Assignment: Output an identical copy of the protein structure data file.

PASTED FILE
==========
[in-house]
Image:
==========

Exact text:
[in-house]
Image: